'Cause I have to tell you, if I were to do that I would be taken a heck of a lot more seriously than if I were up 16%, as Actions Alerts PLUS was last year.
That's right. Sometimes I feel that we are now in a world where it is better to be wrong and not making money than it is to be right and making money.
It's times like these when I truly do have contempt for the job. How much more fun would it be to, for example, decide I didn't have to read the Toll Brothers (TOL)
conference call because I knew it was all phony because it's propped up by the Fed? How heavenly would it be to be able to ignore the Berry Pete deal or the Copano deal because they are only figments of Ben's imagination and there will be no more deals once people realize what a farce it all is or the economy gets stronger or he's fired or leaves or whatever.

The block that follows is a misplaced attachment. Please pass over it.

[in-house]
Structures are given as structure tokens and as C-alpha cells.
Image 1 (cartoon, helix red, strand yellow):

The Fed fraud/phony stuff makes a total mockery of what I do with my worklife, or at least the way I have done it. Yeah, it is that bad.
I don't know any other way to put it. As long as the vast majority of strategists, trigger pullers and behemoth funds subscribe to this uber
-Fed-as-all-that-matters theory, my whole attempt to explain why PepsiCo (PEP)
is better than Coca-Cola (KO)
or that the New York Times (NYT)
should be bought or that we could be near the bottom in Millennial Media (MM)
or Magnum Hunter (MHR)
is a total fool's errand.
Tell me I am wrong.
I'd love to know, because I think the homework still matters and the over-Fed reliance for all decisions is a crutch, not a sign of wisdom.
A crutch that one day will disappear and we will realize that the individual homework on individual stocks is, indeed, the way to go.
Action Alerts PLUS, which Cramer co-manages as a charitable trust, has no positions in the stocks mentioned.
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